Freedom is Something Worth Fighting For

This is the desert of Uruapan, Mexico. Photo by Simbioikos

Your freedom is something you should always fight for.

“Freedom is never voluntarily given by the oppressor; it must be demanded by the oppressed.”-Martin Luther King Jr.

My name is Jose Jimenez, I was very poor and had 9 other siblings. I grew up in Uruapan, Mexico. It is extremely hot and used to be a very small town. I was unaware of all the cruelties in the world because I was so young and did not worry. But looking back, my mother and father often struggled to make ends meet and to give us food, let alone get us toys or luxuries. I was very grateful to have family friends with money, who gave me and my brothers car toys to play with. ”Jugábamos con carritos en la tierra”…We played with cars in the dirt. But the best thing we could have ever received was shoes and clothing. My face lit up when I saw that they had purchased me a new pair of shoes.

I also had no education. Once I was done with about the 5th grade, I left school to help my father work on the family ranch. And I had to help provide for the family (food and clothing). I also would go hunting for fun with my brothers.

I left to seek a job and a better future. I came here to raise a family in better conditions than I ever had. I came to the US in search of freedom and success. But little did I know I would meet my soulmate and have three beautiful children.

I came in a truck with a coyote and two of my cousins; the trip was long and hard. We used false papers to enter the US. I left in 1995.

When I arrived, I lived with one of my older sisters, who had come before me to raise her family here. “Se embarazo cuando tenia nomas 15 anos”… She got pregnant when she was only fifteen. We lived in an apartment building here in EPA. There was also one of my other sisters and even one of my brothers living in the same apartment building. One day, about a month or so after I arrived, my sister was asked to leave due to my noisiness and cars that I had a fascination with. I would often get speeding tickets for driving way too fast in BORROWED cars.  Once I arrived, I also got a job and began to save up money.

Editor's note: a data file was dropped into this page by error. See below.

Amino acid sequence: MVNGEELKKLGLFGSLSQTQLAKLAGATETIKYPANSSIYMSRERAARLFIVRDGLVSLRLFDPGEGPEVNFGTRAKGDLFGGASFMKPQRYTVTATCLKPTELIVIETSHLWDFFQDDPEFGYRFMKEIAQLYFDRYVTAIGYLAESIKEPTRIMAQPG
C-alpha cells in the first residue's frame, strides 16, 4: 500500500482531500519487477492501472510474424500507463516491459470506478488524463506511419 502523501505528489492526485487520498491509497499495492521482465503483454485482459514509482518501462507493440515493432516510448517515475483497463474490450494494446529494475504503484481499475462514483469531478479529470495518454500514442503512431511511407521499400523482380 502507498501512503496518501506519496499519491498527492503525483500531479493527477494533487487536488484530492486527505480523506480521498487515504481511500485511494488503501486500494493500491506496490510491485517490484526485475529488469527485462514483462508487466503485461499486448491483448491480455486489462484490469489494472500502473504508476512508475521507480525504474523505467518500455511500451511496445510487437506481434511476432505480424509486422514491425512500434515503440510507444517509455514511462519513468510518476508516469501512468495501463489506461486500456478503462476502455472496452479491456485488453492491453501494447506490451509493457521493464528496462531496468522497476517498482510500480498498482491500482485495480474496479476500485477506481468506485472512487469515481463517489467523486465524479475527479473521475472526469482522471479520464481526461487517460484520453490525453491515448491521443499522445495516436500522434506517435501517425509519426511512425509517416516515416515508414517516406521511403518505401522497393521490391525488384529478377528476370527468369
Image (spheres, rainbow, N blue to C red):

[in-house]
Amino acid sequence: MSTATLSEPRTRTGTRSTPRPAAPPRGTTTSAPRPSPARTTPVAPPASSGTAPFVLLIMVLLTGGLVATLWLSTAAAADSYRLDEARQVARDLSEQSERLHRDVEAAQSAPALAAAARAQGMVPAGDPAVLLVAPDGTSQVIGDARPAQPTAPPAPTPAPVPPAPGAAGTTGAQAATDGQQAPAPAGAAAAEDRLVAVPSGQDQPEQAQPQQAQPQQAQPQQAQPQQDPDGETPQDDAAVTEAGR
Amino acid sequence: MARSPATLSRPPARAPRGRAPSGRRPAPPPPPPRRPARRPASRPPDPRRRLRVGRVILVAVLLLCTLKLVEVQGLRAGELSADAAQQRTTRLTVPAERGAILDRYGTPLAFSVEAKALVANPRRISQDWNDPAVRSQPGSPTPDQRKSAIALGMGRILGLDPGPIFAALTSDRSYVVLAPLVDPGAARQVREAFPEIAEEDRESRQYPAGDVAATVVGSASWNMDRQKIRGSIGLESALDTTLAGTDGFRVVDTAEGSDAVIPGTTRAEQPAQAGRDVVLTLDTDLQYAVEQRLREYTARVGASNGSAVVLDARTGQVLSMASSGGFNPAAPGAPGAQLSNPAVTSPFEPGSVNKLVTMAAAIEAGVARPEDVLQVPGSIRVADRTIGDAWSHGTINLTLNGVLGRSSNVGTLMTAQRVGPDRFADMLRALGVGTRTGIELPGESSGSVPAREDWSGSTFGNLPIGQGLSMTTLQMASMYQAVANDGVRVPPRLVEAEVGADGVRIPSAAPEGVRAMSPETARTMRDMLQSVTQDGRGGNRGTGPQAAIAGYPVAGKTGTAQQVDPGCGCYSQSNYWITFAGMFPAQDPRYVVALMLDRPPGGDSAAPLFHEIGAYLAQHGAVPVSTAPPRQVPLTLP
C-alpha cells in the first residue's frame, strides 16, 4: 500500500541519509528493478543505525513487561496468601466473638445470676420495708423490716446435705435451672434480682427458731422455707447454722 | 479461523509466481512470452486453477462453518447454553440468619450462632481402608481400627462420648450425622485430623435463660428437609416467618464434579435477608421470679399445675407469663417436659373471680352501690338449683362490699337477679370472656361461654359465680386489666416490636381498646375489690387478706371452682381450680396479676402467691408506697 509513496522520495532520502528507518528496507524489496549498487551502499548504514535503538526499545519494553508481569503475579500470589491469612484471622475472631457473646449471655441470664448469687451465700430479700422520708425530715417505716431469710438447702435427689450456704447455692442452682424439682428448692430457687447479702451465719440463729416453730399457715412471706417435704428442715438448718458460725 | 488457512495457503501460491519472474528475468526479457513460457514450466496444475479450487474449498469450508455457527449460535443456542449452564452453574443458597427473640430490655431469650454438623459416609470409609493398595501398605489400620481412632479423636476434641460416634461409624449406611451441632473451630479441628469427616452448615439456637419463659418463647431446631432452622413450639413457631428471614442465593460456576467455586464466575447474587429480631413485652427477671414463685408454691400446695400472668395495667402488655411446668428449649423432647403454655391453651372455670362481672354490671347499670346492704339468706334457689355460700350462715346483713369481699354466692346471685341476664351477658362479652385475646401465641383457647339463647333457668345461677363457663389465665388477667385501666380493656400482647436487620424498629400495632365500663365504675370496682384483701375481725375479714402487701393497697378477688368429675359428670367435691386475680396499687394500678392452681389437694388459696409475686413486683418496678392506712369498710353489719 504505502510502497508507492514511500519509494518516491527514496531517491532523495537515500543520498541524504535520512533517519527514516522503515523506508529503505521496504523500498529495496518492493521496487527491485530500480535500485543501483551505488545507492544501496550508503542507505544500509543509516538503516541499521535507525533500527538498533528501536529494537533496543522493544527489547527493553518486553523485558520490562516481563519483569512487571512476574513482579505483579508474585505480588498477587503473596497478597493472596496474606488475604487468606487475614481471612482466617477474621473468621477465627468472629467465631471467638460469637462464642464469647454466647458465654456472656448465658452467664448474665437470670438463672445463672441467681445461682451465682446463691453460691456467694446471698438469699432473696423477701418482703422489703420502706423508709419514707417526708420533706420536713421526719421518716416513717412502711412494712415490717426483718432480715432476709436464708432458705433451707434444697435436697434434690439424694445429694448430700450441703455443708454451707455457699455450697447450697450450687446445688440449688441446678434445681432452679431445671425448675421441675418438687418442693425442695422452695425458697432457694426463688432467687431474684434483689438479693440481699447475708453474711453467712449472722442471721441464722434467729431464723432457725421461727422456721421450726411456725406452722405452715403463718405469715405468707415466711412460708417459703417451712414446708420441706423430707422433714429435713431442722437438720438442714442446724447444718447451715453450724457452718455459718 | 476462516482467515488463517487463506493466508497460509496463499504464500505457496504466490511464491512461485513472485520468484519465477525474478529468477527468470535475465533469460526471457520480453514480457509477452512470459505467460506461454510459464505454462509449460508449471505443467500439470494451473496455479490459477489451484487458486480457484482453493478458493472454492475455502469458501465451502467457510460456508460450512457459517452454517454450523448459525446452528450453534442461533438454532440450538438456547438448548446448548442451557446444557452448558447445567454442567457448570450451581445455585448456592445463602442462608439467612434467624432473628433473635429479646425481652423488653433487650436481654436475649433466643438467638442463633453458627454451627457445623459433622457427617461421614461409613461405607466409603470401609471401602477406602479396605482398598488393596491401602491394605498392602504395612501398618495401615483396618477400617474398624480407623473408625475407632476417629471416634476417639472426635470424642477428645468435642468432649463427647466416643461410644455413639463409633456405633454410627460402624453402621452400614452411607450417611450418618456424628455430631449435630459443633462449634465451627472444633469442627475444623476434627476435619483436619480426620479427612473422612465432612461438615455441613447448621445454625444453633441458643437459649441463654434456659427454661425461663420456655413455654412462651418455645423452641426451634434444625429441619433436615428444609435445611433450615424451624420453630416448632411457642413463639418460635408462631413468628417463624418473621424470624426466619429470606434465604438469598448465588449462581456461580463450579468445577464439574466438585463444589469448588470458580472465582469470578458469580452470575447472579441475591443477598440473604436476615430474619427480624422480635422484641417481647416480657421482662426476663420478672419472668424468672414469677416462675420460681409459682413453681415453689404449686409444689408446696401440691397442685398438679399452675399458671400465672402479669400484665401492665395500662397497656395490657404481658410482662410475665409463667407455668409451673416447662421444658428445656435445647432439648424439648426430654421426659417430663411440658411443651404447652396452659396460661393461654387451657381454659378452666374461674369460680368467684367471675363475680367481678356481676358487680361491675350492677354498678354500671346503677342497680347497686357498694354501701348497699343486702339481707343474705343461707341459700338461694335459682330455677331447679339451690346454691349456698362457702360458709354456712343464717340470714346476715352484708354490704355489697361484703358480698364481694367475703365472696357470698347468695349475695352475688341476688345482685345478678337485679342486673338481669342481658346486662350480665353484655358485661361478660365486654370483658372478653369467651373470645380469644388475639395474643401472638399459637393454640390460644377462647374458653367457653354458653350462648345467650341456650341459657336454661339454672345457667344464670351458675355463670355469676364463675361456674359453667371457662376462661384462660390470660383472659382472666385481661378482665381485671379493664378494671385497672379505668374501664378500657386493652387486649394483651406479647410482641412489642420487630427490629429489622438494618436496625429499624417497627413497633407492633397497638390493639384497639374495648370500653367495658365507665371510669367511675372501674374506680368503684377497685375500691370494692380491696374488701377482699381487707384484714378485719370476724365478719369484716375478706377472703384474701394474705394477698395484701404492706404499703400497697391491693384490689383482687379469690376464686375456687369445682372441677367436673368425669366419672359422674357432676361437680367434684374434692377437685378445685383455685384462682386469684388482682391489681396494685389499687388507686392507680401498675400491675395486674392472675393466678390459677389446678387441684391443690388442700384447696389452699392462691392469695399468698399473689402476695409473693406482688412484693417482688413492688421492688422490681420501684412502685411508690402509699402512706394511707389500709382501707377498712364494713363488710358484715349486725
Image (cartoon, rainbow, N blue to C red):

I then met your mother through some of my nephews, who went to school with her. When we were dating, we would go out and all your uncles and aunts would make me pay for their food as well.

Now that I have my own family and kids, I realize that all I had to live through was worth it. All I have ever wanted was for my kids to receive the education I never got, and I want them to have doors open to them as far as the eye can see. I do not want them working like I do out in the hot sun, and coming home tired like I do. I want a better future for them. This is why I work so hard to give my kids everything they have ever wanted/needed. I am now even a legal U.S. citizen.

This story was written by the immigrant’s daughter, a student in the Bay Area. 

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